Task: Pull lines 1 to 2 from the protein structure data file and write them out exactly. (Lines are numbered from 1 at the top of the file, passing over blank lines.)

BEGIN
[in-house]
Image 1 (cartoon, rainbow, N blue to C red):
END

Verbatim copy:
[in-house]
Image 1 (cartoon, rainbow, N blue to C red):